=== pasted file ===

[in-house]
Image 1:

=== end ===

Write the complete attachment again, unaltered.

[in-house]
Image 1: